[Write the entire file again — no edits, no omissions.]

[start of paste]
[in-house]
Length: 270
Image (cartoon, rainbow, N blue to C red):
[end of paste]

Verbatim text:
[in-house]
Length: 270
Image (cartoon, rainbow, N blue to C red):